Investors are alarmed by plans by European firms to raise wages and give one-time incentives to employees to assist them to get through a harsh winter. They are worried that the additional costs would affect profitability and hurt the region’s economy.
Numerous businesses, including Stellantis and LVMH, are giving one-time incentives to the majority of their staff to help with rising food and utility costs throughout the winter.
Whereas those payouts are reasonably simple for large multinational corporations to absorb, it is more concerning that many are simultaneously moving through with yearly pay review conversations or have already agreed to unannounced compensation increases.
To represent euro zone inflation (EUHICY=ECI), which reached a record 10% in September, trade unions have also demanded for improved pay.
In negotiations that will begin this week, Italian unions that represent employees of Stellantis, Iveco (IVG.MI), CNH Industrial (CNHI.MI), and Ferrari, will demand a pay increase of more than 8% in 2023.
In response to union demands on Sunday, TotalEnergies (TTEF.PA) pledged to advance salary negotiations to resolve a strike that delayed supplies to roughly a third of French gas stations and forced the government to use strategic reserves.
Executives are already under pressure from rising energy, food, raw material, and credit prices. Additionally, supply systems are clogged, increasing transportation costs and prolonging the COVID-19 pandemic’s recovery.
Up until recently, many businesses that produce anything from automobiles to pet food products and ice cream have raised their prices to cover the increased expenses.
The second-largest fashion retailer in the world, H&M (HMB.ST), has issued a warning that demand is cooling, implying that customers are beginning to hesitate, raising concerns that businesses may find it difficult to maintain their current approach.
Analysts, investors, economists, and strategists sketched a bleak picture for the rest of 2022 in interviews and predicted even more difficulties for the following year.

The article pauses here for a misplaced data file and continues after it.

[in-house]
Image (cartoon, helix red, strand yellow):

Hani Redha, the manager of PineBridge Investments’ global multi-asset portfolio, predicts that Europe will enter a recession in the 4th quarter.
Because margins would no longer only be somewhat squeezed by rising wage pressure, this may result in a full-blown margin collapse.
The forthcoming third-quarter results season, according to Stephane Ekolo, global equities strategist at the Tradition in London, is likely to be highlighted by profit advisories or softer earnings, which would put pressure on stocks.
According to him, wage increases should hurt business profits because they will only serve to drive up inflation at a time when prices are also growing.
This year has seen a 20% decline in the main STOXX 600 index for Europe (.STOXX), putting it on pace to have its worst year since the 2008 global financial crisis.
Eurostat revealed costs for businesses in the euro zone increased 43.3% in the year leading up to August, more than doubling U.S. levels. Since the beginning of the year, estimates for profit margins have been reduced in about 50% of the region’s businesses, according to Bernstein.
Nevertheless, according to Refinitiv I/B/E/S statistics, companies featured on the STOXX 600 region-based index are anticipated to record an increase in earnings of roughly 32% in the third quarter, led by utilities and energy firms buoyed by surging oil and gas prices. Profit growth would be 11.8% absent energy.
That represents a modest increase over the second quarter and a sharp down from the staggering 60% growth seen during the same period last year, which was distorted by the surge in activity following the end of lockdowns.
Analysts argued that may be overly optimistic given the escalating challenges. Among the companies posting results the next week are Nestle (NESN.S) & Faurecia (EPED.PA).
The picture also gets worse after the quarter that ends in September. According to the Refinitiv data, profit growth is predicted to decline significantly to 19.5% in the 4th quarter and just 1.7% in the first.
According to the data, Europe Inc. will enter a recession in the q3 of 2023 with a profit decline of 3.8% after a 2.4% decline.